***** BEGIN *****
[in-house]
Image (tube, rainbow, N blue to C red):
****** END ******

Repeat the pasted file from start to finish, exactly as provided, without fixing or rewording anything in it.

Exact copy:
[in-house]
Image (tube, rainbow, N blue to C red):